The policy interpretation is divided into three main sections: Athletic Financial Assistance (Scholarships), Equivalence in Other Athletic Benefits and Opportunities, and Effective Accommodation of Student Interests and Abilities. The argument in the UND players' complaint focuses primarily on the third section, which itself contains three subsections:

  • the determination of athletic interests and abilities of students
  • the selection of sports offered
  • the levels of competition available including the opportunity for team competition

It is under this third subsection, Levels of Competition, that the three-prong test is included. The test is meant to assess whether institutions "effectively accommodat[e] the interests and abilities of male and female athletes [by providing] both the opportunity for individuals of each sex to participate in intercollegiate competition, and for athletes of each sex to have competitive team schedules which equally reflect their abilities." (Editor's note: "each sex" is the language used in the policy; the Victory Press acknowledges a much wider degree of variance in gender and sex.)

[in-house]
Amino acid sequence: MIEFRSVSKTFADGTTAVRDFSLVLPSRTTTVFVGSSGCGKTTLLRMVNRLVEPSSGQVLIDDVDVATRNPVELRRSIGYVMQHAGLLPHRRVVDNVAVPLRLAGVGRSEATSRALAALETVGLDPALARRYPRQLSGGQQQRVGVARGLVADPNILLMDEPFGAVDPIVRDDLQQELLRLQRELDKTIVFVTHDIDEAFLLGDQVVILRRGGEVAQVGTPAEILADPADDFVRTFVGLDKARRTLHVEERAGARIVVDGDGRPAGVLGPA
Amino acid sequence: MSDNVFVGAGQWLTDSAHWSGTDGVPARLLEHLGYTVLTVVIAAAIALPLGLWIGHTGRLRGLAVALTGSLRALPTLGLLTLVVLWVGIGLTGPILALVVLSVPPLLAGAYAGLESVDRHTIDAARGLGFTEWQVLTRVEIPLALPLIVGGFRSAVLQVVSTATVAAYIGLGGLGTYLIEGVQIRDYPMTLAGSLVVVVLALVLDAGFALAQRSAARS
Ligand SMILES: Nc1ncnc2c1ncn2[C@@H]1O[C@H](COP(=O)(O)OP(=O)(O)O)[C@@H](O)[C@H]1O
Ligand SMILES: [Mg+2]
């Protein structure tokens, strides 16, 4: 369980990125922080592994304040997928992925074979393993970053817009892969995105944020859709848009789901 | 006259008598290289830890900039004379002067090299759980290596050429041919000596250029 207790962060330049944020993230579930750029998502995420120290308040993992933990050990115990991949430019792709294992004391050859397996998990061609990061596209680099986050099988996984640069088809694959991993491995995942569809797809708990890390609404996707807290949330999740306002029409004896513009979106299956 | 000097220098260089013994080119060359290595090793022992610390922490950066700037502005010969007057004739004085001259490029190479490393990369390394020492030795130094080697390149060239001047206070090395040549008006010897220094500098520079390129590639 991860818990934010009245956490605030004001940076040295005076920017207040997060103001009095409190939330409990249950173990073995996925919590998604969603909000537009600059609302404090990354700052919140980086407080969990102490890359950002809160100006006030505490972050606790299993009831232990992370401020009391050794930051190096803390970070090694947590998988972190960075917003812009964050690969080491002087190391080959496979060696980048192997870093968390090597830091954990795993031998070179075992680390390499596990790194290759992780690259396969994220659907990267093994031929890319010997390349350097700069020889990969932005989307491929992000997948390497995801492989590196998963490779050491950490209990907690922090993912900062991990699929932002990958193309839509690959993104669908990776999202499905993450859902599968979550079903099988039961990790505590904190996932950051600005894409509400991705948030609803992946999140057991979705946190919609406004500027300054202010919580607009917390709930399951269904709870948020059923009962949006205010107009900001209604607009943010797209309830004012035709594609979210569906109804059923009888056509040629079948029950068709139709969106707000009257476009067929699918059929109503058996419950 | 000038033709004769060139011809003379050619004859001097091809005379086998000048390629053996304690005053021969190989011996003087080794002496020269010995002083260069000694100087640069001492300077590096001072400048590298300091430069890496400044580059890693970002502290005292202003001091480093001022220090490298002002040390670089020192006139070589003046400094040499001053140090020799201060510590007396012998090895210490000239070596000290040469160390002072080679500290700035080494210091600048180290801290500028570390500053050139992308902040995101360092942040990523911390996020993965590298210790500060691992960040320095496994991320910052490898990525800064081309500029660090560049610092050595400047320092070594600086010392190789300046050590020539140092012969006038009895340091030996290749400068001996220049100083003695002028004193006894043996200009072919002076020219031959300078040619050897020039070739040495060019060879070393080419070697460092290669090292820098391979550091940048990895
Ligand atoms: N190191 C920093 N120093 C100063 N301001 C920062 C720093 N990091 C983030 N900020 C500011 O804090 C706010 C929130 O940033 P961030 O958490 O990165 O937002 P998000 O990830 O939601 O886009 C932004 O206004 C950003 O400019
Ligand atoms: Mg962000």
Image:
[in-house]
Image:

Three-Prong Test

a. Compliance will be assessed in any one of the following ways:

(1) Whether intercollegiate level participation opportunities for male and female students are provided in numbers substantially proportionate to their respective enrollments; or
(2) Where the members of one sex have been and are underrepresented among intercollegiate athletes, whether the institution can show a history and continuing practice of program expansion which is demonstrably responsive to the developing interest and abilities of the members of that sex; or